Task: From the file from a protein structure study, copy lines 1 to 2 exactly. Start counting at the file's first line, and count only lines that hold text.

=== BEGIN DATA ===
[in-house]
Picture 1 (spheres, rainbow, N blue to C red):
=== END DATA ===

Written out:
[in-house]
Picture 1 (spheres, rainbow, N blue to C red):